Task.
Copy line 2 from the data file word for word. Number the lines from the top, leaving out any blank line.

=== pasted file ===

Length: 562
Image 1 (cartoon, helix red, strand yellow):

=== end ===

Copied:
Image 1 (cartoon, helix red, strand yellow):